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Why Do Dogs Howl?

Plenty of kids’ movies portray talking dogs howling to communicate with each other or because they’re sad, but what is the real reason that dogs howl? Is it simply a genetic remnant of their wolf ancestry? Are they sending signals to other dogs or trying to communicate with their human owners? While we can’t answer for certain all the reasons dogs howl, here are a few guesses from researchers.

1. Attracting Attention

Domesticated dogs like having the attention of their owners, and sometimes they’ll do whatever it takes to get it. They may jump up in your lap or lay down at your feet — or maybe even howl. If you pay attention to your dog when they howl, chances are they’ll learn to do it for exactly that purpose.

2. Warning of Danger

If your dog starts howling when the mailman approaches or when they see another dog, they’re probably using it to signal the potential threat of new circumstances. It’s a way for them to both mark out their territory and warn others of danger. This has its roots in genetic ancestry, hearkening back to the time when most dogs lived in packs and used howling as a defense mechanism.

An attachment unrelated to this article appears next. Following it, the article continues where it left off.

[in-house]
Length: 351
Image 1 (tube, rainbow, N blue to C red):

3. Responding to Triggers

There seem to be certain noises that are likely to set dogs howling, such as police sirens or specific songs. While we don’t know for sure why specific sounds may trigger your dog howling, there’s no doubt that they are in fact responding to those sounds. Maybe they’re trying to imitate siren noises, or maybe they enjoy these sounds and want to express themselves.

As interesting as it may be to theorize about why dogs howl, some people just don’t enjoy the noise. If you’re traveling somewhere and can’t take your howling dog along with you, offers day care or overnight boarding for your pet. That way, even if you’re not together, you can both enjoy a vacation.